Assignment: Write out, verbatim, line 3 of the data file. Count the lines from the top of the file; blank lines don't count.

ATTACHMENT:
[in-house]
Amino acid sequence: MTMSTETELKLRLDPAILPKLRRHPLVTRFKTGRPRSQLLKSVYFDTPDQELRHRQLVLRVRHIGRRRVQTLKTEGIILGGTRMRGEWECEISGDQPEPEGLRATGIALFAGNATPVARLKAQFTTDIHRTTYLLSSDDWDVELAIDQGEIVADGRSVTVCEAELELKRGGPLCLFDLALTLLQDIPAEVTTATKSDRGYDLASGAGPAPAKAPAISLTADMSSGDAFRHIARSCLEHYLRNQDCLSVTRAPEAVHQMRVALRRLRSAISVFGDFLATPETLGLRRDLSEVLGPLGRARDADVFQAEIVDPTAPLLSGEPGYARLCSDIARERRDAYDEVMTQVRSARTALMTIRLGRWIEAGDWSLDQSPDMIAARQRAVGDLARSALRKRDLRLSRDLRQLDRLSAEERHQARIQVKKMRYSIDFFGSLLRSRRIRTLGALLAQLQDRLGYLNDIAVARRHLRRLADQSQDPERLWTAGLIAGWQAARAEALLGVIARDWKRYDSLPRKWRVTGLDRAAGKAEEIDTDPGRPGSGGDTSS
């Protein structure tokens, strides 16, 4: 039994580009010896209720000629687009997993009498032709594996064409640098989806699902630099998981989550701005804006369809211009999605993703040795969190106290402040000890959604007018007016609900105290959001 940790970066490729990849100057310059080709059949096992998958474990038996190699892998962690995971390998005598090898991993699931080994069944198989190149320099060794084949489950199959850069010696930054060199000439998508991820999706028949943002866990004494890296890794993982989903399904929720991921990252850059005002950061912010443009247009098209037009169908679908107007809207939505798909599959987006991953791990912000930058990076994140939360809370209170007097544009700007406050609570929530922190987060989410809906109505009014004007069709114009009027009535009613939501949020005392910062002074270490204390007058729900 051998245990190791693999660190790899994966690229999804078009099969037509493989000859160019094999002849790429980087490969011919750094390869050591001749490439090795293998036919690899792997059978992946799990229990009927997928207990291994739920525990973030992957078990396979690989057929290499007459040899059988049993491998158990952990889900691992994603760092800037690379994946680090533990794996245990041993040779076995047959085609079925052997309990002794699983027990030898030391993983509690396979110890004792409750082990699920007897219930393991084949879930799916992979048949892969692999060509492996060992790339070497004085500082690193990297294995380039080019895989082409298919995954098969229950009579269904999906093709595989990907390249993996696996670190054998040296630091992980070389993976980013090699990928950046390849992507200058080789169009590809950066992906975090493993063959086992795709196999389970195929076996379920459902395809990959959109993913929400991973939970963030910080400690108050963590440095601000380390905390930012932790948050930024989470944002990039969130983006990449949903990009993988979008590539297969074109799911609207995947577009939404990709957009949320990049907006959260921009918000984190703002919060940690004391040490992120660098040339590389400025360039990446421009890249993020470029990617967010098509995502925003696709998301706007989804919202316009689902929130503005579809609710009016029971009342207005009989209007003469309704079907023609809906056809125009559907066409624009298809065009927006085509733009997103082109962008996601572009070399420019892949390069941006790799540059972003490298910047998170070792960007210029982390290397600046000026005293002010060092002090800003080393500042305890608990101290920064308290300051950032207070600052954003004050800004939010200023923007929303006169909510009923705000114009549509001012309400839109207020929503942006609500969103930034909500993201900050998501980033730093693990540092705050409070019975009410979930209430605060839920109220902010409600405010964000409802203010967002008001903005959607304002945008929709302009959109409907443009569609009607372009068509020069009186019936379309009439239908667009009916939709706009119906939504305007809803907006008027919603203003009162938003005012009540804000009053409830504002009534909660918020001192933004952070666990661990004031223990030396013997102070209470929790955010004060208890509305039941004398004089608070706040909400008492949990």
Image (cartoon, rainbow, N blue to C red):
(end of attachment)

């Protein structure tokens, strides 16, 4: 039994580009010896209720000629687009997993009498032709594996064409640098989806699902630099998981989550701005804006369809211009999605993703040795969190106290402040000890959604007018007016609900105290959001 940790970066490729990849100057310059080709059949096992998958474990038996190699892998962690995971390998005598090898991993699931080994069944198989190149320099060794084949489950199959850069010696930054060199000439998508991820999706028949943002866990004494890296890794993982989903399904929720991921990252850059005002950061912010443009247009098209037009169908679908107007809207939505798909599959987006991953791990912000930058990076994140939360809370209170007097544009700007406050609570929530922190987060989410809906109505009014004007069709114009009027009535009613939501949020005392910062002074270490204390007058729900 051998245990190791693999660190790899994966690229999804078009099969037509493989000859160019094999002849790429980087490969011919750094390869050591001749490439090795293998036919690899792997059978992946799990229990009927997928207990291994739920525990973030992957078990396979690989057929290499007459040899059988049993491998158990952990889900691992994603760092800037690379994946680090533990794996245990041993040779076995047959085609079925052997309990002794699983027990030898030391993983509690396979110890004792409750082990699920007897219930393991084949879930799916992979048949892969692999060509492996060992790339070497004085500082690193990297294995380039080019895989082409298919995954098969229950009579269904999906093709595989990907390249993996696996670190054998040296630091992980070389993976980013090699990928950046390849992507200058080789169009590809950066992906975090493993063959086992795709196999389970195929076996379920459902395809990959959109993913929400991973939970963030910080400690108050963590440095601000380390905390930012932790948050930024989470944002990039969130983006990449949903990009993988979008590539297969074109799911609207995947577009939404990709957009949320990049907006959260921009918000984190703002919060940690004391040490992120660098040339590389400025360039990446421009890249993020470029990617967010098509995502925003696709998301706007989804919202316009689902929130503005579809609710009016029971009342207005009989209007003469309704079907023609809906056809125009559907066409624009298809065009927006085509733009997103082109962008996601572009070399420019892949390069941006790799540059972003490298910047998170070792960007210029982390290397600046000026005293002010060092002090800003080393500042305890608990101290920064308290300051950032207070600052954003004050800004939010200023923007929303006169909510009923705000114009549509001012309400839109207020929503942006609500969103930034909500993201900050998501980033730093693990540092705050409070019975009410979930209430605060839920109220902010409600405010964000409802203010967002008001903005959607304002945008929709302009959109409907443009569609009607372009068509020069009186019936379309009439239908667009009916939709706009119906939504305007809803907006008027919603203003009162938003005012009540804000009053409830504002009534909660918020001192933004952070666990661990004031223990030396013997102070209470929790955010004060208890509305039941004398004089608070706040909400008492949990």